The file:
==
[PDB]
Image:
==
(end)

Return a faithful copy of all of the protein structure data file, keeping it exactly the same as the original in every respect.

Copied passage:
[PDB]
Image: